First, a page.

Nightshades and grains are still a big no and my body still has a lot of healing to do. I am still having some ongoing issues and can trace them to several possible reasons, but I think it comes down to the fact I am still healing. The damage in my body didn’t happen overnight so it’s not going to heal overnight. Eggs and dairy are iffy. Oddly enough I can handle eggs ok if they are baked into something but not a cooked egg, like in an omelet or something. I thought I was crazy until I’ve since talked to a couple of other people who have experienced the same thing. It comes down to science; baking it plus the added ingredients changes its chemical makeup and it’s digested differently. Hopefully I’ll be able to handle them alone eventually; I miss eggs! Nuts and dairy are also special treats. Too much of either and I’m not a happy camper. After the holidays everyone was going on about too much sugar – my indulgence was nuts and dairy – and my body was not happy at me for it.

When I talked about making it work for you that is what I meant. Any of those “iffy” things for me you may see me eat and wonder why, but it’s because I know my body. Do I ever regret those “iffy” choices? Yes, I do. Not always but it happens. I make a mental note for the next time, go a little stricter AIP to get over it, and move on.

A surprise I have experienced is I eat some amazing food. And by that I mean I was eating the same (sometimes drab) things most of the time and these changes in my diet have forced me to think outside the box, get creative, and try new things. I started posting my meals and snacks to Instagram a while back because people were always asking me, “What do you eat?!” Check me out and you’ll see we eat some really yummy but healthy food! You can find me at http://www.instagram.com/preciousbelovedblessing. Some people are really surprised to learn we eat pretty much whatever we want – we just make the changes we need to so the whole family can enjoy them or clean them up so to speak.

We are on a budget as many are and have found a way to make this work for us as well, and are still learning. To follow strict paleo rules all meat must be organic and grass-fed and all produce organic and in-season. Well, organic grass-fed meat is often over twice that of the conventional. I read you should find a local farmer to get it from. I did – I found more than one – and they are outrageously expensive. I mean, like $30 for a small fryer chicken. I am still on the search for a more budget-friendly local source, but we’ve made it work. I have found a couple of small grocers that carry local eggs for a reasonable price; if I can’t find those I have found a non-local free range brand we can afford. I do sometimes buy grass-fed meat – when it goes on sale. One of my local grocery stores puts it on sale for the price of what the conventional beef is priced regularly and I can handle that, so I stock up if the week’s budget allows it. Otherwise, I have found a couple of places with good brands that my tummy handles (if you have trouble digesting grains a meat from an animal fed a heavy grain diet may not go down well). I always go for sustainably farmed, humanely raised and prepared, and no antibiotics. Yes, those cost a bit more, but a happily raised and slaughtered animal makes for better meat. Those are often also prepared without a lot of the extra junk, which I can’t eat (often containing gluten and/or nightshades). There are certain things I have made the decision to spend more money on and other things I haven’t. For instance, I always buy wild, sustainably caught fish; it’s healthier for me and my family as well as the environment. It costs more, yes, but to me it’s worth it. (Do you know what all they put in farmed salmon?! Look it up; you’ll never touch it again.) As far as produce goes there are lists called the “Dirty Dozen” and “Clean Fifteen” which outline which produce you absolutely should buy organic and those that are ok. Those have really helped me.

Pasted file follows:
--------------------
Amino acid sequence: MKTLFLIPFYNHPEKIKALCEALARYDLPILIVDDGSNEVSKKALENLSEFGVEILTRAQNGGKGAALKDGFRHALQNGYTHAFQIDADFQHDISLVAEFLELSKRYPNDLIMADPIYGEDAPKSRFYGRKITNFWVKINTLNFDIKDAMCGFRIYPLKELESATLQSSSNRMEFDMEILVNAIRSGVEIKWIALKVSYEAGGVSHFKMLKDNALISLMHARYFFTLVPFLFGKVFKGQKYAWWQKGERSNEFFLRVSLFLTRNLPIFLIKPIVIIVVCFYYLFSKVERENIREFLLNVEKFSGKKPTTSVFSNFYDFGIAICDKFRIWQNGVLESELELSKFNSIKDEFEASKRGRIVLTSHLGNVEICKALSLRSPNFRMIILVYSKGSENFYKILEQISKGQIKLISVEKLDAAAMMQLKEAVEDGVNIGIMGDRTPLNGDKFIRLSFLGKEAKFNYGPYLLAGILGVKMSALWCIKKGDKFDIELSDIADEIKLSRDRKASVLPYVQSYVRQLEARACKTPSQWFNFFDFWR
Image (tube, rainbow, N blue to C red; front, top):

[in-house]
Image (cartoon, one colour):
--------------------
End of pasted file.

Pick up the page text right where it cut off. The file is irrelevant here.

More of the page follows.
In season is easy for us. We live in Southern California where our local produce contains everything from apples and grapes to avocados and almost every kind of citrus. A great reason to eat local and seasonal? It’s cheaper! Much cheaper! Find a farmer’s market or local farm stand for the best deals. Not sure what is local and when? Ask! They’ll tell you! Of course at those places it’s usually easy to see – what they have is seasonal – but my favorite local farm stand actually has a calendar posted that tells you what and when. We always try to preserve what we can by freezing or drying and I do that for budget mostly and just so we can enjoy what we love more! Do I still buy bags of frozen veggies? You better believe I do! It’s reasonably priced and I stock up on my favorite brands when they go on sale, plus someone has done all the work for me!

I meant to talk more about budget last year after I started my blog but got distracted. I’ve really gone on here so I’ll talk about it another time. There’s more I could get into; I just wanted to share what I have learned and am still learning. Never hesitate to ask me questions or give me suggestions – that’s why I’m writing about this! So we can help each other.

I have lots to share with you, but haven’t taken much time to do it with various things going on. I have some yummy recipes to share but am also working on another post that has been in the making since I started my blog. It’s not easy to write, it won’t be easy for everyone to read, but it’s been very cathartic and I know there are those it will touch. I am trying to be more consistent with the blogging but if you want to keep in touch with me you can follow me on Instagram as I mentioned, Facebook, Twitter, Pinterest, Tumblr, and Flickr. My profiles are all @preciousbelovedblessing, except for Twitter which is @PrecBelovBless.

Thank you for continuing on this journey with me. Leave me a comment if you want about your own experiences like these or something you’d like to hear me talk more about. Have a great day and be blessed.

Lots of Hugs,
Emily